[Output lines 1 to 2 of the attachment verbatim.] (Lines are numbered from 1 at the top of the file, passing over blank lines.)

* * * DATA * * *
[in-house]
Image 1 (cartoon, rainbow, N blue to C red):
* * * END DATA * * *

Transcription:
[in-house]
Image 1 (cartoon, rainbow, N blue to C red):